The Conservative Party USA and its affiliated Louisiana Conservative Party is of the belief that elections are first all about candidates, and second about political parties. But that sounds naive, like the Louisiana Conservative Party is shooting itself in its foot. Not so.
The purpose of qualifying primaries used for electing individuals to public office is to thin out or reduce the slate of candidates to the top two candidates to face each other in the general election of that office. Since 1977, Louisiana has used a nonpartisan primary in which all candidates irrespective of their preferred political party run against each other for the same elected office. In other words, in Louisiana, there is no grouping of candidates into political party primaries, although national presidential primary elections are the single exception.
The nonpartisan primary practice in Louisiana is certainly not the standard because there are only a few other states that allow variations of it. Bottom line is that the two major parties find the Louisiana primary practice a threat because through the years the American voter has come to accept the notion that elections are a two-party system, Republican and Democrat. It has been 163 years since these two major parties came to dominate the political landscape and it will take aligning every Conservative American under the Conservative Party Banner to break it. Face it, it’s all been about the two major parties controlling the ballot lines. So it’s easy to understand why the major parties mock the Louisiana practice calling it a “Jungle primary.”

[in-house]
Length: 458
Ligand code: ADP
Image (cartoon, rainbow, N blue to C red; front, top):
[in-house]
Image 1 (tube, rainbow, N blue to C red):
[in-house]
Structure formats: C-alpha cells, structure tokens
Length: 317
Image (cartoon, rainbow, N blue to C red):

Political parties are groupings of voters who are of a common political interest and have registered themselves as having a “preference” for one particular party. No person wishing to present themselves as a candidate to public office should require “passage” through a “closed” party primary, the candidate endorsements of which are controlled by the party. The voting machine ballot line belongs to candidates, not parties. And that is the free and American way of the Louisiana election practice. A Louisiana election for U.S. Senator in 2016 attracted 24 primary candidates. The system worked. In July 2017 there were some 45 different parties selected by voters in their voter registrations, some registered parties, some just in formation and not registered with the state. The ballot line of candidates, however, may only identify with a “registered political party.”
The Louisiana Conservative Party seeks to submit candidates to public office under the banner and endorsement of the Louisiana Conservative Party. Not withstanding that mission, it seeks to elect candidates endorsed by the Louisiana Conservative Party.
The candidate is what we battle for!